According to a patent filed by Microsoft, Kinect has the potential to give voice to deaf and mute gamers, converting American Sign Language into speech.
“Where the user is unable to speak, he may be prevented from joining in the voice chat,” explains the patent. “Even though he would be able to type input, this may be a laborious and slow process to someone fluent in ASL. Under the present system, he could make ASL gestures to convey his thoughts, which would then be transmitted to the other users for auditory display. The user’s input could be converted to voice locally, or by each remote computer.
“In this situation, for example, when the user kills another user’s character, that victorious, though speechless, user would be able to tell the other user that he had been ‘PWNED’. In another embodiment, a user may be able to speak or make the facial motions corresponding to speaking words. The system may then parse those facial motions to determine the user’s intended words and process them according to the context under which they were inputted to the system.”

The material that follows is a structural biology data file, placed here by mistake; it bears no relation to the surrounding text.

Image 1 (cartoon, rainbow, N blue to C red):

The technology could do more for disabled gamers than improve their griefing prowess, as the patent goes on to outline the skeletal mapping system’s ability to distinguish between various bones, joints and even facial features of the human body, from the twitch of a player’s toe to the blink of a single eye. At this point it’s more proof of concept than anything else, as there’s been no confirmation of the sign to speech feature in the finished product. But it’s exciting to see even a small sign that the industry is considering accessibility for all gamers in the development of new technology.